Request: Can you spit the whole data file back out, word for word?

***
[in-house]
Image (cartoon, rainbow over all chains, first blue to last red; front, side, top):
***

[in-house]
Image (cartoon, rainbow over all chains, first blue to last red; front, side, top):